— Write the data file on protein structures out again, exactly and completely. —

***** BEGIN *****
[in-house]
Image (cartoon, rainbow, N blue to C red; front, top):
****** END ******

[in-house]
Image (cartoon, rainbow, N blue to C red; front, top):